Vitamin E for the Skin

eggs-925616_1280Vitamin E for the Skin

There are 8 fat soluble compounds that are given the group name of vitamin E. The “α-Tocopherol” compound is the most abundant form and the only one that is active in human beings. Though research suggests food that have a mixture of these compounds can be more beneficial than taking isolated α-Tocopherol as a supplement.

The main role of vitamin E is performing the job of an antioxidant. Vitamin E works very similarly to vitamin A because of its antioxidant properties- it works throughout the body to stabilize free radicals preventing cell damage and ultimately skin damage. When we consume vitamin E, it absorbs in to the cells, including the skin cells. As it neutralizes free radicals (by donating electrons) it prevents signs of aging because it makes sure that no skin cells are damaged ( free radicals steals an electron damaging the skin cell). Vitamin E and A seem to work in synergy with each other to boost your immune system also lowering the risk of cancer and other diseases.

Food is not the only way to get vitamin E working on your skin, you can also use oil or serums that include vitamin E. When applied topically, it interacts with the skin cells instantly and directly stabilizing free radicals and therefore working as an anti-aging agent. It also is brilliant for keeping the skin hydrated giving it that luminous healthy glow. It is also known to decrease the depth of wrinkles and fine lines. Additionally, although there still needs to be more studies on humans,  there have been studies on rats that concluded vitamin E can prevent skin cancer from UV rays.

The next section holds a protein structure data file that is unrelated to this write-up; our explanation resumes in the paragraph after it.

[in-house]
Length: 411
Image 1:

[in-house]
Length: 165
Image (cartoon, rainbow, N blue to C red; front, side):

sunflower-744232_1280The daily recommended amount is tricky. It is near impossible to consume a high amount of vitamin E just from diet unless you were to eat a very high amount of fat (as it is usually food in oily foods). Vitamin E is found in oils (vegetable, sunflower, almond), whole grain cereals and eggs. Find out more on our homepage posts about where you can get you does of vitamin E! It all depends on your diet really, if you consume a lot of fat you probably get just enough but for it to help with aging you perhaps need an extra boost (upping your fat intake is usually not something you want to do). So as it is hard to get a high amount of it in your diet, supplements or special skin oils containing vitamin E are recommended to get the best results.

Vitamin E Side Effects

Vitamin E is safe even at high doses up to 1,000 mg a day and is not toxic. However, above that between 1,100mg-2100mg a day can have some adverse effects including; vomiting, diarrhea, stomach pains, tiredness, reduced immunity and transiently raised blood pressure. Some studies show that in extremely high doses it can be pro-oxidant (act as free radicals) especially in people who smoke. But of course, everything has side effects if you decide to have huge doses- see what your bodies needs and make the best decisions to suit you.

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